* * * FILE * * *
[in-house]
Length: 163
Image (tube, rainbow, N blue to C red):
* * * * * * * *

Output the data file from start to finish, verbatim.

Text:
[in-house]
Length: 163
Image (tube, rainbow, N blue to C red):